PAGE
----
The goals of this program are to identify, inspire and train promising candidates for research careers in academic nephrology and to assist qualified trainees in obtaining suitable academic positions. The program is designed to provide physicians heading for careers in academic nephrology the thorough scientific grounding necessary for a successful research career and to attract recent PhD graduates and provide them postdoctoral research training in a scientific discipline relevant to nephrology. Research training will continue for at least two years. On average, three new trainees will enter the program each year. The principal mechanism for training is direct performance of research under the personal supervision of one or more of the training staff comprised of nine nephrologists and seven basic scientists. Experienced, interdisciplinary training staff provide training in immunopathology, autoimmunity, renal cell physiology, ischemic and toxic renal injury, gene regulation related to renal cancer and developmental biology, and clinical research relevant to kidney diseases. Well-established collaborative arrangements allow each trainee to acquire a broad research experience and focus a variety of skills on a specific research protocol. Trainees assume graded responsibility for the design, conduct and interpretation of experiments, progressively becoming more independent but always remaining under the supervision of the preceptor. All trainees and staff meet frequently for seminars, journal clubs and other formal group teaching exercises. Coursework leading to a PhD is available in the Graduate Program in Molecular Medicine, and formal training in clinical research is provided through the BU School of Public Health and Division of Graduate Medical Sciences. Trainees work in modern, well-equipped laboratory space in the Evans Biomedical Research Center and laboratories of basic science faculty. These are in close proximity to core facilities, modern animal care quarters supervised by a full-time veterinarian, and the BUSPH. The General Clinical Research Center at Boston Medical Center is available for clinical studies.

Public Health Relevance

This program is designed to provide research training for physicians and scientists to investigate the causes and consequences of kidney diseases;to identify ways to prevent diseaes of the kidney from progressing to kidney failure and to improve the quality and duration of the lives of those who do develop end stage kidney failure.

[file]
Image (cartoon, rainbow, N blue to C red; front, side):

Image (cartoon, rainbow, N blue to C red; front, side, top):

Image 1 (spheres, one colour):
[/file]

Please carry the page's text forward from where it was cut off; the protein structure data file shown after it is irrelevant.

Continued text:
National Institute of Health (NIH)
National Institute of Diabetes and Digestive and Kidney Diseases (NIDDK)
Institutional National Research Service Award (T32)
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Diabetes, Endocrinology and Metabolic Diseases B Subcommittee (DDK)
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Rys-Sikora, Krystyna E
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Boston Medical Center
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Francis, Jean M; Beck Jr, Laurence H; Salant, David J (2016) Membranous Nephropathy: A Journey From Bench to Bedside. Am J Kidney Dis 68:138-47
Kattah, A; Ayalon, R; Beck Jr, L H et al. (2015) Anti-phospholipase Aâ‚‚ receptor antibodies in recurrent membranous nephropathy. Am J Transplant 15:1349-59
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Roseman, Daniel A; Hwang, Shih-Jen; Manders, Emily S et al. (2014) Renal artery calcium, cardiovascular risk factors, and indexes of renal function. Am J Cardiol 113:156-61
Tomas, Nicola M; Beck Jr, Laurence H; Meyer-Schwesinger, Catherine et al. (2014) Thrombospondin type-1 domain-containing 7A in idiopathic membranous nephropathy. N Engl J Med 371:2277-87
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Aprahamian, Tamar R; Bonegio, Ramon G; Weitzner, Zachary et al. (2014) Peroxisome proliferator-activated receptor gamma agonists in the prevention and treatment of murine systemic lupus erythematosus. Immunology 142:363-73
Beck Jr, Laurence H; Salant, David J (2014) Membranous nephropathy: from models to man. J Clin Invest 124:2307-14
Richez, Christophe; Richards, Rocco J; Duffau, Pierre et al. (2013) The effect of mycophenolate mofetil on disease development in the gld.apoE (-/-) mouse model of accelerated atherosclerosis and systemic lupus erythematosus. PLoS One 8:e61042

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